Neither before nor after Josiah was there a king like him who turned to the Lord as he did—with all his heart and with all his soul and with all his strength, in accordance with all the Law of Moses.

2 Kings 23:25 (NIV)

Before I became a Christian I don’t recall ever hearing about King Josiah. I had an awareness of King David, I suspect, because of the story of David and Goliath, and when I think of the Bible “greats” I don’t think much about King Josiah. If anything, I’d say that this remarkable man, who stood out as one of the few faithful kings, is overshadowed by the likes of David. Ironically, I believe that the evil kings that proceeded Josiah have also contributed to my lack of awareness of this great king of the Bible. King David and Josiah were both men who loved God and they share one key trait that we today need to cultivate in our relationship with the Lord.

Frankly, when I think about King David, what often stands out to me are the mistakes that he made and his repentant heart. Unlike Josiah, who was one of the last kings of Judah, David was the perennial king that all other kings afterward were measured against, because it was to David that God made the promise of the Davidic covenant. That the Messiah, Jesus Christ, would come from David’s line establishing a kingdom that would last forever. Although David made mistake after mistake he always whole heartily repented. David’s actions changed to match his heart that professed his love to God.

When I look at King Josiah, I see a parallel to the life of the Christian. Whatever our background was before we were Christian, we were of this world until we found Christ. This is where I see the parallel to Josiah. Josiah became King of Judah when he was eight years old and when he was sixteen, he started to follow the Lord. In the ten years following Josiah’s decision to follow the Lord, he swept through the lands of Judah and Israel eliminating everything that was not of God. When the Book of the Law was found, Josiah didn’t relent in his pursuit of God but did everything that he was supposed to do according to the Law of Moses.

Perhaps it’s just me but I like things to happen now. I want all of the blessings of God in my life now. Whatever it is that’s good and of God, I want it now. As a new creation, I don’t want to deal with the things of the past, I want to move forward into the bright and amazing future that God has for me, now. However, when I look to Josiah, I see that there’s a process involved and a large part of that process is me.

There are things in our lives that cause us to sin and we need to get rid of them. King Josiah knew this so he went throughout the land and destroyed all of those things. The laundry list of what Josiah did you can read of here (2 Kings 23:4-20). Josiah’s actions are reflective of a repentant heart. The kings before him had led the people into idolatry so Josiah destroyed all of the things that were around that could lead the people to sin once again. However, everything that Josiah did, from reestablishing the covenant with God to finally finishing off all of those priests of the high places, didn’t happen overnight.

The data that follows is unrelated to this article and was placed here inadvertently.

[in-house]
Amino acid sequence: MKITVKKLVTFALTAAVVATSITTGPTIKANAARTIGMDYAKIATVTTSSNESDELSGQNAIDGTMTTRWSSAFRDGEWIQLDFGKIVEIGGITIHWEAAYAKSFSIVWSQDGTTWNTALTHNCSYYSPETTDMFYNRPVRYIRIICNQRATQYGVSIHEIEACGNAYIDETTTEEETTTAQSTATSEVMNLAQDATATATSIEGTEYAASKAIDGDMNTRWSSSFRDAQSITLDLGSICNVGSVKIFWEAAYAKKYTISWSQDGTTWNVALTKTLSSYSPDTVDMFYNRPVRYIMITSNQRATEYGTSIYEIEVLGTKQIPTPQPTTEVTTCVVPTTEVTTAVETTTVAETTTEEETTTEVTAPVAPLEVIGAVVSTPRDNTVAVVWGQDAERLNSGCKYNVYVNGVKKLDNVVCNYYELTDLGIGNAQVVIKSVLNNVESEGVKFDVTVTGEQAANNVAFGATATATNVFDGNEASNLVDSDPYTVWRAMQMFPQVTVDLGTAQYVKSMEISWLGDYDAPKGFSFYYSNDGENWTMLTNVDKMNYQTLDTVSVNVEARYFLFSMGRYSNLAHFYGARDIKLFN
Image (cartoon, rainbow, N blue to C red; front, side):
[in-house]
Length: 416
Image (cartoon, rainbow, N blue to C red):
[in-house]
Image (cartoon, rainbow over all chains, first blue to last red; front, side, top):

Our journeys with God are just that, they are a journey. When we are first saved, I believe that we make the effort to get rid of the things that are not of God in our lives. However, I believe that our awareness of how to walk with God is dependent on our relationship with Him. I doubt that many of us were presented with the entirety of what it means to live a holy life pleasing to God when we were first saved because of who God is. He doesn’t throw such burdens on His children. It’s His kindness that leads us to repentance and I believe that His will is made evident to us through our relationship with Him.

Therefore, I believe that we need to be continual in our pursuit of God. We need to read our Bibles regularly and be in fellowship with other Believers. As part of our walk with the Lord, we need to examine our lives and the things that we have allowed to creep into them and get rid of those things that are not of God. Jesus was so adamant about the things that might cause one to sin that He spoke of cutting off a hand or gouging out an eye as actions to avoid sinning and go to hell (Matthew 5:29-30). These extreme examples show us the importance of not holding onto things in our lives that might cause us to sin.

One of the fruits of the Holy Spirit is self-control (Galatians 5:22-23). I think a necessary element to self-control is removing those things that might cause us to lose control. I don’t believe that Jesus was telling us to cut off our hands or gouge out our eyes. I think He was telling us that we need to be discerning about the things in our lives that might cause us to sin. While I don’t know what those things look like for you, I do have an idea of what they look like to me, so I’m off to tidy up.

Do you know God? God knows you and loves you. He sees you as significant because you are. No one is insignificant to Him. He’s with you today, right now, and He wants you to know Him. Jesus died for your sins and mine so that we could be free of guilt, be freed from death, and live eternally with Him. Eternal salvation is just a prayer away.

Pray this prayer with me to accept the gift of salvation today:

Dear Lord Jesus, I know that I am a sinner, and I ask for Your forgiveness. I believe You died for my sins and rose from the dead. I turn from my sins and invite You to come into my heart and life. I want to trust and follow You as my Lord and Savior. Amen.

If you prayed that prayer then congratulations! You are on the first step of a brand new life. Allow me to be the first to welcome you to my family, the family of God. There are abundant resources available online for new Christians. You can visit here for more information on what to do next. You can also leave me a comment and I’ll do my best to help you on the next step of this incredible journey.